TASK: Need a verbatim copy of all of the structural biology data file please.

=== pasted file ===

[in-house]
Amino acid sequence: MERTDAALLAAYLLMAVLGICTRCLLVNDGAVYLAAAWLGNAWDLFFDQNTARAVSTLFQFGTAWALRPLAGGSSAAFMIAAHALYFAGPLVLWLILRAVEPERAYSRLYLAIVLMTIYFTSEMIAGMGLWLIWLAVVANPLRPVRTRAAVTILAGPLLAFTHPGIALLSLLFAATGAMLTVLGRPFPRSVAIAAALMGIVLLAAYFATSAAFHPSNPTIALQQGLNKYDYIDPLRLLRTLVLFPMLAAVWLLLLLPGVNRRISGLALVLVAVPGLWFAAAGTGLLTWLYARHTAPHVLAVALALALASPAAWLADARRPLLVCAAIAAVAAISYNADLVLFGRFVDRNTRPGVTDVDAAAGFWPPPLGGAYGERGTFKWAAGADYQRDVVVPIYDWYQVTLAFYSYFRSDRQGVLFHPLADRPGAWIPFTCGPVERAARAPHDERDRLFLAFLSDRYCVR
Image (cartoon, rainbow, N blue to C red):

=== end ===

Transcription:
[in-house]
Amino acid sequence: MERTDAALLAAYLLMAVLGICTRCLLVNDGAVYLAAAWLGNAWDLFFDQNTARAVSTLFQFGTAWALRPLAGGSSAAFMIAAHALYFAGPLVLWLILRAVEPERAYSRLYLAIVLMTIYFTSEMIAGMGLWLIWLAVVANPLRPVRTRAAVTILAGPLLAFTHPGIALLSLLFAATGAMLTVLGRPFPRSVAIAAALMGIVLLAAYFATSAAFHPSNPTIALQQGLNKYDYIDPLRLLRTLVLFPMLAAVWLLLLLPGVNRRISGLALVLVAVPGLWFAAAGTGLLTWLYARHTAPHVLAVALALALASPAAWLADARRPLLVCAAIAAVAAISYNADLVLFGRFVDRNTRPGVTDVDAAAGFWPPPLGGAYGERGTFKWAAGADYQRDVVVPIYDWYQVTLAFYSYFRSDRQGVLFHPLADRPGAWIPFTCGPVERAARAPHDERDRLFLAFLSDRYCVR
Image (cartoon, rainbow, N blue to C red):